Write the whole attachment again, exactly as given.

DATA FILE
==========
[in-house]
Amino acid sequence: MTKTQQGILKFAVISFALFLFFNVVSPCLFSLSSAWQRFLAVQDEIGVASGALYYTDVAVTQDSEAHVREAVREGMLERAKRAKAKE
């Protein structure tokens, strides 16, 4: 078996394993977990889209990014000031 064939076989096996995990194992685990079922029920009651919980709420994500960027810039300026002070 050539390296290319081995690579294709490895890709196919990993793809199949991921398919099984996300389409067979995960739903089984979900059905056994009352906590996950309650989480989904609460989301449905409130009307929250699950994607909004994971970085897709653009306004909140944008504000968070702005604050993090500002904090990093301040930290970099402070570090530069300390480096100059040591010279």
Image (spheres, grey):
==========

[in-house]
Amino acid sequence: MTKTQQGILKFAVISFALFLFFNVVSPCLFSLSSAWQRFLAVQDEIGVASGALYYTDVAVTQDSEAHVREAVREGMLERAKRAKAKE
């Protein structure tokens, strides 16, 4: 078996394993977990889209990014000031 064939076989096996995990194992685990079922029920009651919980709420994500960027810039300026002070 050539390296290319081995690579294709490895890709196919990993793809199949991921398919099984996300389409067979995960739903089984979900059905056994009352906590996950309650989480989904609460989301449905409130009307929250699950994607909004994971970085897709653009306004909140944008504000968070702005604050993090500002904090990093301040930290970099402070570090530069300390480096100059040591010279």
Image (spheres, grey):